If you're in Florida or Southern California and have a palm tree in your yard, you can make the holiday period more festive by stringing lights around the tree. This also adds atmosphere for tropical-themed parties. The task requires some time and patience, but no more skill than stringing lights on a pine tree -- without the needles.
Things You'll Need
- Multiple strings of Christmas lights (small or large bulb)
- Two ladders
- Light-duty staple gun (optional)
- Twist ties (optional)
- Weather-safe extension cord (optional)
Wind the lights around the trunk of the palm tree, with the light strands unplugged. The tighter the coil, the brighter the tree -- but you'll also need more strands. If the tree is outside, be sure to use weather-safe lights. Use brown wire if possible so the strands are not as noticeable. To get a rough estimate of the number of strings you'll need, multiple the average circumference of the tree by the vertical height to find the linear feet you'll need
Wrap the strands very tightly to secure them to the trunk. If they are still slipping, staple the strands to the trunk -- a light-duty staple gun works well. Be sure to straddle the strand with the legs of the staple to avoid puncturing the electrical wires. Otherwise, you might create a fire hazard.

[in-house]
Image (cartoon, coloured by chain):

Get a ladder for taller trees, once you have coiled the strands around the base of the trunk. You may need a friend on another ladder to help you coil the lights without falling off the ladder. Pass the strands back and forth to your helper as you coil them around the upper trunk.
Decide if you want to light up any of the fronds once the trunk has been coiled. This is tricky business. You can run a loop of the strand down a frond and secure it with twist ties. If there are a lot of fronds, choose the ones closest to you. People on the ground will not even see the higher fronds after dark.
Plug in your lights and check out your handiwork. If the tree is outside, be sure to use a weather-safe extension cord.